Salon Digital - Derek Holzer
Derek Holzer - Vector Synthesis : a Media Archaeological Investigation into Sound-Modulated Light
Lectureseries / 17.12.2019
"Vector Synthesis : a Media Archaeological Investigation into
Sound-Modulated Light." Mit Derek Holzer.
Vector Synthesis is a computational art project inspired by theories of media archaeology, by the history of computer and video art, and by the use of discarded and obsolete technologies such as the Cathode Ray Tube monitor. This talk explores the military and techno-scientific legacies at the birth of modern computing, and charts attempts by artists of the subsequent two decades to decouple these tools from their destructive origins. Using this history as a basis, I then describe a media archaeological, real time performance system using audio synthesis and vector graphics display techniques to investigate direct, synesthetic relationships between sound and image. Key to this system, realized in the Pure Data programming environment, is a didactic, open source approach which encourages reuse and modification by other artists within the experimental audiovisual arts community.
17.12.2019, 6 pm
Room 1.07.040 (Nebenflut), Am Speicher XI 8, 28217 Bremen
BIO: Derek Holzer (USA 1972) is a sound + light artist based in Helsinki & Berlin, whose current interests include DIY electronics, audiovisual instrument building, the relationship between sound and space, media archaeology, and participatory art forms. He has performed live, taught workshops and created scores of unique instruments and installations since 2002 across Europe, North and South America, and New Zealand.
The program for Digital Media at the University of the Arts Bremen launched a regular series of salon-style gatherings titled “Spectacle: Reenactments in the Arts, Design, Science and Technology.” The events have an open format and provide a forum for experiments, presentations and performances from a range of different fields, but with a common focus on old and new media, as well as technologies. The salon thereby enables a practice of reenactment as a way to make things past and hidden visible, present and also questionable.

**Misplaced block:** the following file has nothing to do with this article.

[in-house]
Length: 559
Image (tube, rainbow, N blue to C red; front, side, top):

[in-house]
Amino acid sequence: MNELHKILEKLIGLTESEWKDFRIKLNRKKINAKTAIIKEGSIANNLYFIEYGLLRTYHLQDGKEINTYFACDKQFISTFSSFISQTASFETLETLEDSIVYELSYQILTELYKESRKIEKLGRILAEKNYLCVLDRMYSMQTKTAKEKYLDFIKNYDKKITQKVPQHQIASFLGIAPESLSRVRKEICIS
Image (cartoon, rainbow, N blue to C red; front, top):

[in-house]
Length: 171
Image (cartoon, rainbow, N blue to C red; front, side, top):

Contemporary new technologies and media seem to cover knowledge with complex layers of materials, code/sign systems and history/organization. Reenacting can translate obscured knowledge, ideas and theories into bodies and actions. At the heart of this conceptual approach is a desire to turn past events into present experiences—although the very nature of the past prohibits such an endeavor.
The salon pursues the primary goal of opening closed systems and constructions (black boxes). Global power structures, as well as complex processes in development and production—leading to hermetic constructs—have made it even harder to understand science, economy and contemporary media, as well as new technologies. Recipients therefore tend to mostly grasp only their superficial level. The spectacle is a way to condense actions and processes. Reenactment, on the other hand, builds on repetition and history. But the spectacle is a moment in the here and now where everything flows together and culminates.
Organized by: Andrea Sick, Ralf Baecker und Dennis Paul